Can I Sleep At Night?

It seems like a lot of work and for what?  Unless I have a catastrophic failure in my camera I have taken every effort to ensure that not only my client photos are safe, but my personal files as well.  My children's birth videos and pictures, birthdays and all the other moments captured so far.  It lets me sleep knowing that the data is safe for now.   And while there seems like a lot of "processes" to manage it really is not a big deal and most of them can be set to autopilot.  I just prefer to control some of the legs of the operation.   So in a nutshell what does the above get me?

1. On import I have 3 copies of all files, one set in a working state, one set in a hot standby state and one set in a cold standby state offline and safe.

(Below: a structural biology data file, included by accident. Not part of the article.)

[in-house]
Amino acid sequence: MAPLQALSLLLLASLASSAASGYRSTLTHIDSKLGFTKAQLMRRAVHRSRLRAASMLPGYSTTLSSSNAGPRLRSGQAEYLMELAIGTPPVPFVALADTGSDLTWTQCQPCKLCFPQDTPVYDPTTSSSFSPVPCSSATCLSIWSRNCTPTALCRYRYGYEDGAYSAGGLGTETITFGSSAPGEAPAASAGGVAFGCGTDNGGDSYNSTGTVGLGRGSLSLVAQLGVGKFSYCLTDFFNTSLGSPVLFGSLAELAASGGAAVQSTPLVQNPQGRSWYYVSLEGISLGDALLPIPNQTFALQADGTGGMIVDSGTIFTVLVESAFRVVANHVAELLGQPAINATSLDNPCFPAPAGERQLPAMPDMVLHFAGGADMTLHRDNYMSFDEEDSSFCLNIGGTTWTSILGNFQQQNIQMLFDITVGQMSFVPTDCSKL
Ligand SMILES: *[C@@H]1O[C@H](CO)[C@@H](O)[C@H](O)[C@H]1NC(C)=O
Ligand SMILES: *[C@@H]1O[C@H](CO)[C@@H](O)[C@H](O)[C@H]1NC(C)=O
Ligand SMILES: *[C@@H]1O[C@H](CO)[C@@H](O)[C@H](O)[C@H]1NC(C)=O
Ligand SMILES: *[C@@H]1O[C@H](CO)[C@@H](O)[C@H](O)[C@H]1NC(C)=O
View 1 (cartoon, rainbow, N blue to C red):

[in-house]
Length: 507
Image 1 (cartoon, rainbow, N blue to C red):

2. With each import previous activities are replicated across the three physical locations (three physical hard drives).

3. On a continuing basis my files and changes are replicated to my server (two physical computers, 4+ physical hard drives).

4. On a continuing basis my files and changes are replicated to the Crashplan storage service (two physical computers, 4+ physical hard drive and geographically dispersed cloud off site storage).

5. Thanks to Crashplan at any time I can get to any version of files that do have destructive changes applied.  (PSD Files, rendered jpegs etc.)

6. Almost all of this activity can be set to happen automagically.

My Epiphany